For Pennsylvania homeowners, the winter isn’t all about sledding, snowmen, and hot chocolate. The cold weather days mean shoveling, winterizing, and paying the heating bill. While the days may be cold and short, there are preparations that can be taken to prepare for the long winter months. Finding and fixing any heat leaks, stocking up on winter-related supplies, checking the heater for any needed repairs, and if necessary, investing in a heat pump repair are all things the savvy homeowner should do to weather the winter chill.
Repair any Heat Leaks
Heat leaks can cost a fortune when it comes to the energy consumed to heat a home. Be wary of larger windows and thin insulation; these are the biggest culprits in letting in unwanted cold air. If it is a big window making a certain room drafty, a quick fix would be to install an airtight pane of plastic across the window (think a big piece of plastic wrap). These are usually sealed with heat, and this process does wonders for keeping in the warm air. If thin insulation is the problem, simply adding more insulation into your attic space will be your best bet. Insulation is reasonably priced and is available at any major hardware retailer. Make sure to take safety precautions when using it, as fiberglass insulation can be hazardous, especially, to the skin.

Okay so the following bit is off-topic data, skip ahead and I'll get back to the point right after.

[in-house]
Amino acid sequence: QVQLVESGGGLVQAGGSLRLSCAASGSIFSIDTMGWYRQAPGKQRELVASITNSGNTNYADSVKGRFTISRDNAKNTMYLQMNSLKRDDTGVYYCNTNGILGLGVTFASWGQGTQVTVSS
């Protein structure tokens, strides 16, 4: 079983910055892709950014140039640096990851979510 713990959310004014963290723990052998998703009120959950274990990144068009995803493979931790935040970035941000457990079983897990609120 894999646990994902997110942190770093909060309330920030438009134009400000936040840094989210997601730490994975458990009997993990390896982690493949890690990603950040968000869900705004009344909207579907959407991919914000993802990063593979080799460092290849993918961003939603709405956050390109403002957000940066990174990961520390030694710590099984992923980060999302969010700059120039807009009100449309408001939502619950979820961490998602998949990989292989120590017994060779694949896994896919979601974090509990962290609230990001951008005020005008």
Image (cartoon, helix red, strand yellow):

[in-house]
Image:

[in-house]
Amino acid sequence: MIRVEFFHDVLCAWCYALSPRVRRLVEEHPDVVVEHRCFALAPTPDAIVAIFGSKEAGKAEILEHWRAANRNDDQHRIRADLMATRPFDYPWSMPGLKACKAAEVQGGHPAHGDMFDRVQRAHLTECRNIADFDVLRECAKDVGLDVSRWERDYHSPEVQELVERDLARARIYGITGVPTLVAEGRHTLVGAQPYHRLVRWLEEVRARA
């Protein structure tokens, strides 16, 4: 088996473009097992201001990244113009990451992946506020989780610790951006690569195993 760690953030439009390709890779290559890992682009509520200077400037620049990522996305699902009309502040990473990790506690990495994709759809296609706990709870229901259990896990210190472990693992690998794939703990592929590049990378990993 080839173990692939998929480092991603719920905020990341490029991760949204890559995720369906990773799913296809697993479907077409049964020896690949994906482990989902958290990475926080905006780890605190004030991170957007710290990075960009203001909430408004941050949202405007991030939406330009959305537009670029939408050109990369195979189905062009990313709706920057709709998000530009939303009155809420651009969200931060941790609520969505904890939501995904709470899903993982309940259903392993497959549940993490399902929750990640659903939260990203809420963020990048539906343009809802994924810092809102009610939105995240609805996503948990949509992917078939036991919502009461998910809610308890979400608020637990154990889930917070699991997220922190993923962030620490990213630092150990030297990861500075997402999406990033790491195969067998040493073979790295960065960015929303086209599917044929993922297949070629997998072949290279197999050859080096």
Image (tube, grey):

Check Your Heater
It is a good idea to preemptively check the heating system in your Pennsylvanian home. Around the early autumn months, check to make sure that everything is running smoothly. If it is not, it would be wise to contact a professional to diagnose the problem, as it could be a number of things. For example, your heat pump may be broken, so it would be wise to consult with someone established in heat pump repair, perhaps in Blue Bell. Repairing these problems early could save you time and also money, as this would prevent a more serious and more costly problem down the line.
Stock Up on Winter Supplies
If you own a home, it is important to make sure that you have all the necessities that go along with snow, ice, and slush. If you have a walkway, make sure you have plenty of rock salt to clear ice off your path. Just because it doesn’t look like it is there, doesn’t mean that your driveway isn’t covered with black ice. Finally, don’t forget the shovels; otherwise, you’ll be depending on your neighbors to help dig you out. If you can afford it, invest in a snow blower, especially if you have much to clear. It can save you time and effort and is much easier on your back.
Joan Price is a writer who loves winter in Pennsylvania. Follow her on Twitter @JoanniePrice.